Grown Up

Sid Ceasar looked great in his bright blue blazer.  Sure, he needed a bit of help walking and standing, but he made us laugh with his doubletalk French, and we loved seeing him.  He thought the 2006 TV Land Awards were a great party, and he was happy to be there.  Heck, at his age he was happy to be anywhere as the old joke goes, and we were happy to have him, as James Burroughs notes when accepting an award for Cheers.

Heck, even on The Surreal Life 6 on VH1, Playboy TV’s Andrea Lowell thought Florence Henderson looked great, and hoped she looked as good as Florence when she was even close to that old.  On the other hand, Florence thought Andrea was immoral because she posed for nude photographs, and that control queen Tawny Kitaen, just back from rehab, agreed.

Of course, the big story on Surreal 6 is Alexis Arquette.  Alexis is participating as a “transgender” who plans to have surgery soon — she offered Andrea a last chance at riding the big one before it goes inside — and hates being seen as a boy anymore.  Everyone in the cast sees Alexis as one of the girls, even though her past is clear.  They showed a clip of an upcoming episode where they hold a party at the house and some boys give her a hard time.  The cast comes to her rescue, but Steve Harwell sees her on the warpath and claims to see her “guy face.”  To me, it just looked like her warrior face, but this is one thing trannys know, that when something strong is revealed, rather than just seeing it as another facet as they would in a woman born female, it is seen as essence revealed.

I like watching Alexis because I get the defenses.  Before she walked into the house she said “If I can make just one person feel uncomfortable, my job here is done.”  Does she say that because she wants to be a freak, or does she say that because she knows she had no choice but to be a freak, and if that’s the case, she wants to be a good one?   You probably know that my guess is the second possibility, because we have to learn to live within the constrained expectations of others, and hoping outside that box just sets us up for heartbreak.

When young people people see older people, they think, like Andrea did when she saw Florence, “If I am lucky and things go right, someday I will be old like her too.”  They understand their life in that bigger context, know that there is something more to grow into, some more maturity to be attained.  We smile at Uncle Sid and hope that someday, people will honor us too, tell the stories of how we touched them, will invite us the party and make us comfortable.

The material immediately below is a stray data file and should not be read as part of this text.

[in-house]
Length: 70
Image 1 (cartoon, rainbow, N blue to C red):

But when we see Alexis, we don’t get the same vibe.  What does a mature tranny look like?  Will she ever be as beloved as someone like Florence Henderson?  Or will she be some pervy guy in a dress jerking off in the library?

When we come out as a tranny, we don’t have the context to see ourselves as babytrannies, like a babydyke.  It’s not one step on a path, rather it is just a leap into perfection, into being who we truly are.

That has consequences. 

It’s often the newly out trannies who get out front and speak for the “transgender community.”  This, to me, is like having teenagers speak for society.   They rarely offer mature wisdom and insight, rather they offer rationalizations and pastiches of ideas they picked up from others that defend their own choices as really cool.   And like teenagers, they often need to say not only that they are doing it right, but that others are doing it wrong, forming the same kind of cliques and power plays that we remember from junior high school.

The second issue is that so often, once we make that leap we end up in a bubble of defenses and we stop growing because we just are cut off from the kind of feedback that helps people mature.  We reject rather than engage, become crusty rather than open, as James Hillman warns against in The Force Of Character: And The Lasting Life .

This problem of transition cutting us off from the very contact and love that can help us mature is very important.  Anyone who has seen The Prince age knows that rather than becoming an embracing grandmother, more of a crust has formed, separating and isolating.

So who do we see as being grown-up trannies, someone who offers possibilities for who we can be as we mature?  Who helps us put our life in context, hoping that someday we can be like them?

I don’t know.